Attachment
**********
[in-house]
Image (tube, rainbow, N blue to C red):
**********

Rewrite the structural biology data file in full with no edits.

[in-house]
Image (tube, rainbow, N blue to C red):